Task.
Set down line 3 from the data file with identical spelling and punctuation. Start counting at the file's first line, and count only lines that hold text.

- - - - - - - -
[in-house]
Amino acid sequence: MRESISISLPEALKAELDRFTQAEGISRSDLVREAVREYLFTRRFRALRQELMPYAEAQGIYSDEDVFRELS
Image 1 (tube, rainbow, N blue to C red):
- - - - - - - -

Image 1 (tube, rainbow, N blue to C red):